Investing in a learning management system is a fantastic way to ensure you’re getting good ROI on your training programs and decreasing employee turnover simultaneously.

Compensation and Employee Turnover

When it comes to employee turnover, what you pay is a significant factor in whether someone leaves your company. Note that this is one of many factors but is a substantial contributor to the average employee retention rate.
If your employees are underpaid and overworked, they will look elsewhere, and as the competition for talent heats up, they are likely to find it. Especially your best talent.

On the other hand, if they feel like they’re being compensated fairly for their work—and are given opportunities to advance their careers—they won’t be as likely to look elsewhere. This is why it’s so important to have a clear understanding of how much your employees should earn when they start at your company and what their earning potential could be down the line.

Try to tie compensation to performance. Use performance reviews as a time to reflect on compensation rates and use merit to suggest promotions, succession plans, and raises.

Improve Culture

Improving workplace culture is a fantastic way to keep employee retention costs low. The culture of your company matters, and if you have a good employee culture, you’ll have a lower employee churn rate.

How can you improve culture? Make sure you keep your culture creators happy, promote work-life balance and employee wellness, run engagement surveys when things are in flux, keep an open line of communication with your employees, and socialize with them. It can be hard for some employees to view HR leaders and managers as people, too – so make sure you help them do just that.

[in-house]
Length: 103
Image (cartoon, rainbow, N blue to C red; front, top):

According to Trakstar’s 2023 Outlook Survey, many employees value flexibility in the workplace over almost anything else. Flexibility can be hard to define within a workplace, but it could mean allowing people to work from home, create their own hours, build their own schedules, or add their own personal touches to the things they do.

The most common reason people value flexibility is the ability to spend more time with their families, but there are other reasons too. People who value flexibility may have a disability or chronic illness that makes it hard for them to leave work at a certain time every day. They may also be parents of young children and want more control over when they can take breaks from work to attend school meetings or help with homework. People with outside interests may value flexibility because they can travel to locations for football games, for example, or cross items off their to-do lists.

What Are Your HR Goals for 2023?

If you want your company to be successful, it starts with your people and ensuring that your best people stick around for a long time. HR needs to focus on employee retention rates and churn and the impact they have on your employees. It may also mean weeding out some of the bad ones.

It is critical, particularly for companies facing uncertain futures as we move through the next few years.

Remember that great employees build resilient workforces. To invest in your HR department, your employees, and your organization, click here to schedule a demo of Trakstar.